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  1. Gradebook

Florida School book removal bill overhauled before first committee stop

The proposed committee substitute removes most of the controversial provisions.

A Florida House bill that the sponsor said aimed to “remove pornography” from public schools has had most of its teeth removed in a substitute measure proposed by its committee of first reference.

The PreK-12 Quality committee has taken the 24-page HB 855 and trimmed it back to six pages before its scheduled hearing Tuesday afternoon. The stripped down version takes out some of the most contentious language that had anti-censorship advocates most alarmed.

Among the parts not appearing in the committee substitute are provisions that would criminalize the purchase of materials that are not found “acceptable,” the deletion of language setting literature apart from pornography, and an overhaul of the textbook challenge process including removal of a school board’s final authority over such decisions.

Instead, the shorter version calls for less sweeping changes, such as:

• Requiring a school principal to share with parents the content of sex education course work at least 10 days before the lessons take place.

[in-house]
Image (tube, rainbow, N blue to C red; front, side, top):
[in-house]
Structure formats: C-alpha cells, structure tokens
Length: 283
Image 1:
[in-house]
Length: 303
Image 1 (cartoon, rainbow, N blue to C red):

• Mandating school boards to provide, at a minimum, the title, author and ISBN code for all instructional material.

• Instructing all school districts to adopt review processes for all supplemental materials. It would further authorize the commissioner of education to review these processes and report on them.

The original version of the legislation, which had an identical companion in the Senate (SB 1454), had received criticism from several fronts.

Related: Will Florida legislators make it easier to ban books in schools? We’ll soon find out.

Some superintendents suggested efforts to take away districts’ rights to decide upon their classroom materials would amount to a taking of local control by the state. Groups supporting science education worried that the initiative could target subjects such as climate control and evolution, which have come under fire by the group pushing the measure.

Questions also emerged about the propriety of allowing a political group to substitute its judgment for that of parents, at a time when the state has touted parents’ ability to decide their children’s educational needs.

One columnist went even further, noting the legislation could end up at odds with a separate bill, recently approved by PreK-12 Quality, to require public high schools offer courses in the Bible, which has plenty of sex in it.

Of course, just because wording gets changed in one stop does not mean it cannot come back, as recent legislative sessions have proven. The Senate version remains the same, so far, and could emerge as the final result if the bills get that far. Activists on both sides of the equation expect to keep on top of the proposal to the end.

The committee is scheduled to meet at 3:30 p.m. Tuesday, where this is one of just two bills on the agenda.